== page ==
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The counts of Toggenburg (Grafen von Toggenburg) ruled the Toggenburg region of today's canton of St. Gallen, Switzerland, and adjacient areas during the 13th to 15th centuries.

A baronial family of Toggenburg is mentioned in the 11th and 12th centuries, but their genealogical connection to the comital family is unclear. They are named for their ancestral seat, now known as Alt-Toggenburg, near Kirchberg, St. Gallen. The castle was built in the 10th or 11th century, and was destroyed in 1085 in a conflict with the Abbot of St. Gallen, later rebuilt and in 1226 given to St. Gallen Abbey by count Diethelm of Toggenburg.

The family is attested from the early 13th century, as Toccanburg, later Tochimburc. Diethelm I (possible mention 1176, died 1205 or 1207) was followed by Diethelm II (possible mention 1210, died c. 1230). Either of these was the beneficiary of the inheritance of a number of local noble families (among these Alt-Rapperswil) in c. 1200 and adopted the title of comes (count) from 1209. In 1187, one Werner of Toggenburg became abbot of Einsiedeln. The legend of a Saint Idda of Toggenburg is recorded in 1481, making her the wife of a count of Toggenburg, possibly either Diethelm, or one Heinrich. According to the legend, the husband defenestrated his innocent wife on suspicion of adultery. She survived and lived as an anchoress in Fischingen. Her veneration there is attested for 1410.

The early counts were in competition with St. Gallen Abbey, the bishops of Constance and the counts of Kyburg. The inheritance disputes motivated the donation of religious establishments in Bubikon, Rüti, Oberbollingen and Wurmsbach in the 1190s, and a fratricide by one Diethelm (fl. 1209–36) of his brother Rudolf in 1226.

On 23 April 1398 Count Donat von Toggenburg donated the church of Elsow as benefice for the new Allerheiligenaltar at the grave of the Toggenburg family, for the "salvation of the soul of his daughter Menta von Toggenburg" who had died shortly before.[3] Count Fridrich von Toggenburg, Herr zu Brettengow und Tafas donated to "his own and the salvation of his ancestors who were buried" (at the Rüti church) "and where he also expects to be buried," the church, rights and lands (Kirchwidem and Kirchensatz) in Wangen in der March to the Rüti Abbey, sealed by Fridrich and the knights Herman von Landenberg, Johans von Bonstetten from Ustra and Herman von der Hochenlandenberg on 21 January 1407.[4]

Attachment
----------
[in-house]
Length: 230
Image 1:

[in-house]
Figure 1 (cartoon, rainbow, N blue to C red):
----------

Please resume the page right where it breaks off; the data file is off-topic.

In 1436, the death of the last count, Frederick VII, Count of Toggenburg, led to the Old Zurich War over the succession.

Friedrich VII was later buried in a chapel, the so-called Toggenburger Kapelle (capella nova in latere monasterii de novo construxit) given by his noble wife, Elisabeth Countess of Toggenburg, née von Mätsch.[5][6] Elisabeth spent her last days in the Rüti Abbey, writing on 20 June 1442 that she had retreated there (unser wesen gentzlich in dasselbe gotzhus got zuo dienende gezogen habe) and desired her tomb to be with her husband's.[7] On 11 June 1443 marauding troops of the Old Swiss Confederacy devastated the monastery and desecrated the bodies of the nobles, including Count Friedrich VII whom they held responsible for the war with Zürich. 14 members of the family were buried in the Toggenburg vault in the church of the Rüti Abbey.

List of counts

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